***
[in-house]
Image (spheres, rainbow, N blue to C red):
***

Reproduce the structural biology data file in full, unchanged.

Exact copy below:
[in-house]
Image (spheres, rainbow, N blue to C red):